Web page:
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The University of Texas at Austin

Lyndon B. Johnson School of Public Affairs

Students Balance Education with Non-Profit Leadership

Children from Lusaka, Zambia
Children from Lusaka, Zambia

For some students at the Lyndon B. Johnson School of Public Affairs, a rigorous and demanding academic life is not enough. These students balance schoolwork with founding and managing new non-profit organizations.

LBJ student Rick Dooley serves as president of the recently founded the non-profit School Without Boundaries (SWB) to help bring educational opportunities and basic health care to orphans, children, and single mothers in at-risk communities world-wide. SWB funds projects proposed by university students who want to work in specific areas, including providing much needed supplies to the local communities.

Currently, SWB is partnered with the Chikumbuso Community School and Women's Center in Lusaka, Zambia. The school and women's center provide formal and informal educational courses for more than 300 pupils. The women's center also supports the Chikumbuso Widow's Group, a micro-enterprise founded by single mothers who are widowed by the death of their partners from AIDS.

Chikumbuso Community School
Chikumbuso Community School

"The goal is to really re-think how aid is given to at risk communities. We are partnering with Austin area non-profits, and we will take that spirit of partnership this year to Zambia, to partner with local high school students who will have their first jobs working in their own community," said SWB board member and second year LBJ student Annie Bricker.

To help raise funds, SWB held its first benefit concert on April 13 featuring local bands at Dominican Joe Coffee Shop, which was founded by two Class of 2004 LBJ alumni and serves coffee from an educational non-profit operating out of the Dominican Republic. SWB organized a second event held on May 19, which featured local DJs. In addition, the SWB sells woven purses made from plastic bags by the Chikumbuso Widow's Group.

Funds raised will help SWB hire a registered nurse to work in the community for 10 weeks to provide basic health and hygiene education to the people Chikumbuso. This will be a first for the community. In addition, SWB interns will organize literacy classes for young mothers as well as math and science classes for Chikumbuso Community School students.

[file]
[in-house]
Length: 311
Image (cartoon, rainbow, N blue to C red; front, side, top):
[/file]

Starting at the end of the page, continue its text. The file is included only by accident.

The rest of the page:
If the group is able to raise sufficient funds, they also hope to buy new school books and lay a concrete floor in the currently dirt-floored school rooms.

LBJ School student and We Improve Tomorrow President Joanne Crompton meeting with prospective WIT recipients
LBJ School student and We Improve Tomorrow President Joanne Crompton meeting with prospective WIT recipients

First year LBJ and Latin American studies dual degree student Joanne Crompton also manages a non-profit organization which she founded, We Improve Tomorrow (WIT).

The WIT project began in 2002 while Crompton was working with the Peace Corps in the Mayan city of Totonicapán, Guatemala.

She watched families struggle to put their children through school—often having to rotate which child was in school each year or withdraw their children altogether because they couldn't afford the tuition. The community recognized the importance of education but often couldn't afford the financial cost.

"When visitors left the country, they would give me their excess quetzales (Guatemalan currency), which I used to place children in school," Crompton said.

"When I left Guatemala, I continued supporting these children and maintained my relationship with the school in which I worked. Over time the program expanded and WIT became a 501(c)(3) organization in August 2005."

Children learn with computers at WIT schools
Children learn with computers at WIT schools

WIT provides Guatemalan children, who otherwise might not be able to afford school, with scholarships that cover tuition, uniforms and supplies. With each $50 raised, WIT is able to help a child attend school for another year. Each year of schooling enables a student to earn 10% more annually once they enter the workforce.

The organization is currently sponsoring 50 children, all of who attend E.O.R.M. Xenajtajuyup School in the city of Totonicapán.

When asked why she chooses to supplement an already full-class schedule with managing a non-profit, Crompton has many answers.

"I do it because I believe that an education empowers people to make a difference in their own lives. I do it because I have the opportunity to give back to a community which changed my global perspective and gave me a new purpose in life," she said.

"I do it because the Guatemalan government is no longer supporting education and because local communities cannot afford to not educate their children."

SWB is currently in the process of securing 501(c)(3) non-profit corporation status. For more information about the group, visit www.schoolwithoutboundaries.org.

To learn more about WIT, go to www.weimprovetomorrow.org.


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